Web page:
‘The Enemies of Rome’ shows the underdogs’ view of the empire
Stephen P. Kershaw tells of a thousand years of resistance to Rome, with portraits of the most celebrated adversaries from across the known world.
The dust jacket illustration of the U.S. edition of Stephen Kershaw’s new book “The Enemies of Rome: The Barbarian Rebellion Against the Roman Empire” – unnamed by Pegasus Books – is a detail from Lionel Royer’s 1896 painting “Germanicus Before the Remains of the Legions of Varus,” which is an odd choice on one level. Surely for a book about ancient Rome’s centuries-long struggle with a succession of alien invaders, Royer’s far more famous 1899 painting “Vercingetorix Throws Down his Arms at the Feet of Julius Caesar” would have been the more logical choice?
The 1896 painting dramatizes the moment when an enormously popular Roman prince recovered the precious keepsakes of legions that had recently been annihilated in a German forest. In the painting, there’s no sign of any Germans – just somber and disillusioned Romans gathering the relics of their fallen countrymen. But the 1899 painting shows the proud Gallic war chieftain Vercingetorix surrendering to a red-robed Julius Caesar, and all around the scene are beaten and bound Gauls clearly worried about their future.
Kershaw’s big, generous history is much more a Vercingetorix book than a Germanicus one. In a series of densely researched chapters, Kershaw acquaints readers with a gallery of the enemies of Rome, and it’s a testament to the charismatic nature of the underdog that most readers will recognize far more of those alien names than they would the names of the Roman generals who faced them in battle.
Many people, for instance, knows the term “Pyrrhic victory,” a reference to the costly strategies of King Pyrrhus of Epirus - but Laevinus, the Roman who dealt with Pyrrhus? Who’s he? Similarly, the brave and sophisticated foreign kings like Jugurtha or Mithridates are each given a chapter here. Kershaw’s easy command of the classical sources makes the battles and stalemates gripping reading, but most of the Romans come across as mere avatars of a greedily expanding empire.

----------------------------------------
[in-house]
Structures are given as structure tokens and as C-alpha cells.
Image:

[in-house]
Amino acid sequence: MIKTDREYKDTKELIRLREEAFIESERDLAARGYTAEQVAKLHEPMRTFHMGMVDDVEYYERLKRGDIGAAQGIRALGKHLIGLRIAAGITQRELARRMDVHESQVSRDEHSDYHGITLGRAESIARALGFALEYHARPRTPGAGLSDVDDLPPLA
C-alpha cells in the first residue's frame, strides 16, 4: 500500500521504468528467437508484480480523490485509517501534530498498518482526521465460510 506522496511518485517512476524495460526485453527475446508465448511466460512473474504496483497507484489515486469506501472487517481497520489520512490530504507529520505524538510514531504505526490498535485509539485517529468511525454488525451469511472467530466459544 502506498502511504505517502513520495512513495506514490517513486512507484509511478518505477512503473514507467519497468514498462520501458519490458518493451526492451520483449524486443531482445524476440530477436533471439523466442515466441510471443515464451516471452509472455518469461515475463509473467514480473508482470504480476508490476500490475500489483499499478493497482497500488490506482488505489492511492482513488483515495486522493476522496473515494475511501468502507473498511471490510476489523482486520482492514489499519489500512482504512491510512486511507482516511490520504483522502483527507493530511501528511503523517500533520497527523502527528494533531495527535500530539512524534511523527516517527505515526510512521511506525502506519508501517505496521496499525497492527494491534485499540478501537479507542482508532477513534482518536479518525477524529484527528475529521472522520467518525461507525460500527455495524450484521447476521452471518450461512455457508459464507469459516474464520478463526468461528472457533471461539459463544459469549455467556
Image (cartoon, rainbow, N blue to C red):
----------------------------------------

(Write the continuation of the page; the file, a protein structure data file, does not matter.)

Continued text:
All the best-known enemies of Rome are here: Spartacus, the gladiator who led an improbably successful revolt against the legions of the Republic; Cleopatra, who used her wit and wiles to retain Egypt’s semi-independence for a few years in the face of imperial expansion; Boudicca, the iconic rebel of Roman Britain; and of course the aforementioned Vercingetorix, whose courageous struggle against the forces of Julius Caesar was doomed from the outset.
Kershaw does a good job cobbling that struggle together from the extant sources, although in this section as in many others in the book, his pandering to topicality is downright painful. “The tribes who were reckoned to have the best government also kept close control over their ‘social media,’” he writes about the Gauls, “anyone who heard a rumour or news from a neighbouring country that concerned the state, had to tell it straight to a magistrate, and not anyone else, because they felt that ignorant and impulsive people were often frightened by ‘fake news’ into subversive acts and meddling in important state affairs.” This would be inexcusably lazy even in limited quantities, and alas, it crops up distractingly often in these pages.
Kershaw also has a tendency to exaggerate the already dramatic stakes. In the case of the 1st-century Dacian warlord Decebalus, for instance, readers learn that he broke his treaty with Rome in A.D. 105, prompting an invasion by the Roman emperor Trajan. “By stockpiling arms, giving refuge to deserters, repairing his forts, sending envoys to his neighbours, attacking people who had previously differed with him and annexing a portion of the territory of the Iazyges, he prompted the Senate to declare him an enemy,” Kershaw writes, which is accurate enough until he adds: “And this time Trajan’s response was practically genocidal.” There are scarcely any detailed sources for Trajan’s Dacian campaigns; there are certainly no accounts of genocide.
“The Enemies of Rome” begins with 14 pages of invaluable maps and an engaging discussion of just who the Romans considered “barbarians.” “As far as many Greeks and Romans were concerned,” Kershaw writes, “the further you went from their culture, the wilder, weirder and more monstrous people became.” The term fairly easily came to describe “everyone who lived outside the limits of Rome’s power, or who resisted or rebelled against it.” This book is essentially one long segmented chronicle of those rebellions, whether born outside Rome’s frontiers or fostered at its heart, and it makes for consistently gripping reading thanks to Kershaw’s adroit sifting of his sources, which lean heavily on primary writers from the ancient world.
The result is a curiously fascinating inverted portrait of a thousand years of Roman history, with events and battles and marquee personalities seen, as much as possible, through the eyes of the despised and defeated opposition. “The Enemies of Rome” becomes an anti-triumphalist counterpoint to the standard history of the empire.